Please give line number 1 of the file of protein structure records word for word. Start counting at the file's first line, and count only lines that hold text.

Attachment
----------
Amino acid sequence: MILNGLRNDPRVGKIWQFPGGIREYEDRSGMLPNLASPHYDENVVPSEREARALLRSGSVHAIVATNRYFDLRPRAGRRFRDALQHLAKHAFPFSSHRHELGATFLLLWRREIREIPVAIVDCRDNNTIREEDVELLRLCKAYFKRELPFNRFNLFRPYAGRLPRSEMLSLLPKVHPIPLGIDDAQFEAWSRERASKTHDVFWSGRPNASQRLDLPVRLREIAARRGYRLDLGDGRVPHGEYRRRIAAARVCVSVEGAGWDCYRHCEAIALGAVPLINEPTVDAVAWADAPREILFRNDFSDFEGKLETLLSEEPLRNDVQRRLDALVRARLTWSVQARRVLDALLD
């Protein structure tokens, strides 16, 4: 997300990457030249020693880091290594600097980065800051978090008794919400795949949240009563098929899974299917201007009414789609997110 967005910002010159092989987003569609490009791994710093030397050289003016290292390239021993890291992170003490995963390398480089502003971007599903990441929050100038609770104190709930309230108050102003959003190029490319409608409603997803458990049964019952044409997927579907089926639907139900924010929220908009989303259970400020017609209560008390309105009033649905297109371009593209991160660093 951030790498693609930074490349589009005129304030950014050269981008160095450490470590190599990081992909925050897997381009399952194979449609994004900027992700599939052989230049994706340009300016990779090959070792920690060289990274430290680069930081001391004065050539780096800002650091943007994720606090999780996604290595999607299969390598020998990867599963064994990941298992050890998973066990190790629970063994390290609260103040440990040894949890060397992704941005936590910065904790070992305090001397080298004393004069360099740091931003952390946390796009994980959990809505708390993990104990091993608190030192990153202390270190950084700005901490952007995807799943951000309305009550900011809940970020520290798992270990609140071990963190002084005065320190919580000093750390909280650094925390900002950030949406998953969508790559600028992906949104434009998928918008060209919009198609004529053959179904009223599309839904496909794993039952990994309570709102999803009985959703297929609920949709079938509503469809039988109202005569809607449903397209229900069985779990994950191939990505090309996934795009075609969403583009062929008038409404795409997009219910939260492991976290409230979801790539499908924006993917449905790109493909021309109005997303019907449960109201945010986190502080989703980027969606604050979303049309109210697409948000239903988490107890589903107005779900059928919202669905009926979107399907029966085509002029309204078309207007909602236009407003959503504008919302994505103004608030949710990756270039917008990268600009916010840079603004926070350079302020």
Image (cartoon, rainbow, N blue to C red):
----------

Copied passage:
Amino acid sequence: MILNGLRNDPRVGKIWQFPGGIREYEDRSGMLPNLASPHYDENVVPSEREARALLRSGSVHAIVATNRYFDLRPRAGRRFRDALQHLAKHAFPFSSHRHELGATFLLLWRREIREIPVAIVDCRDNNTIREEDVELLRLCKAYFKRELPFNRFNLFRPYAGRLPRSEMLSLLPKVHPIPLGIDDAQFEAWSRERASKTHDVFWSGRPNASQRLDLPVRLREIAARRGYRLDLGDGRVPHGEYRRRIAAARVCVSVEGAGWDCYRHCEAIALGAVPLINEPTVDAVAWADAPREILFRNDFSDFEGKLETLLSEEPLRNDVQRRLDALVRARLTWSVQARRVLDALLD